By Sarah Mockford
A new Six Nations is about to get underway and there are plenty of new faces to catch the eye too. Billy Twelvetrees, while a big unit himself, should add more finesse to England’s recent bish-bash midfield. His tactical awareness is sure to help Owen Farrell at ten and he has the boot to keep the Scots pinned back in their own territory.
The Scots have a new addition themselves – Sean Maitland the latest Kiwi to swap fern for thistle. Alongside Stuart Hogg and Tim Visser, Maitland forms the most dangerous-looking back three Scotland have fielded in a long while. It’s down to their big pack to give them the necessary ball.
Andrew Coombs is not such a starry debutant but he has a significant, if not so glamorous, job to do. The Dragon may have been down the pecking order of Wales locks but now he’s got his chance he must use his strength to give Adam Jones & Co the necessary support to hold their own against an impressive Irish front row.
The man in green to watch is Craig Gilroy. He danced and darted around Argentina on debut last November in a manner reminiscent of Shane Williams, but can he bring a spark to Ireland’s attacking game in Cardiff? And how will his defence hold up against the giants of the Wales back-line?
The coaches this year offer almost as many intriguing subplots as the players. There’s Rob Howley, who’s now able to put his own mark on Wales after a far from perfect job-share arrangement with Warren Gatland during the autumn.
Scott Johnson and Dean Ryan have free rein in Scotland with expectations low and only interim contracts on the table. New coaches can often fire a spike in performance, though Scotland could do with more than a spike after that awful display against Tonga. In stark contrast, Declan Kidney is playing it safe and steady in terms of Ireland selection – hardly a shock when his contract is up this summer.
Jacques Brunel’s time in the France coaching team under Bernard Laporte will give him a huge insight into Freddie Michalak ahead of the continental showdown between France and Italy on Sunday, while Philippe Saint-Andre is trying to nail a hard streak onto the traditionally flaky French.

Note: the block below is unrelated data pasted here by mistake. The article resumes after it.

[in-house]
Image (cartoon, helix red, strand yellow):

Then there’s Stuart Lancaster. This time last year he was interim head coach and given little chance of getting the position full-time. Twelve months on and not only is he head coach, but he’s just been given the role of overseeing the performance of all England’s international teams. He’s gone from waiting in the wings to the star act.
Perhaps the most important coach of all, however, is one who isn’t even in charge of a team. Gatland will be casting a beady eye over all the home nations as he prepares to compile a Lions squad able to beat Australia – chuck the Wallabies on the barbie so to speak.
On the subject of Lions, Gatland has spoken openly about the need for an out-and-out seven Down Under, but interestingly only one home nation is playing a true openside this weekend. Wales captain Sam Warburton loves the physical contest at the breakdown, hunting the ball as if it was one of his cherished bars of Fruit & Nut, but the other sevens are more sixes.
Chris Robshaw and Kelly Brown are real grafters, and Sean O’Brien is Ireland’s battering ram, but none of them would be considered scavengers in the mould of Wallabies David Pocock and Michael Hooper.
Is the idea of a snaffling seven now just a romantic notion or will the other nations miss a turnover maestro? Either way it will be interesting to see how the breakdown battle plays out during the championship.
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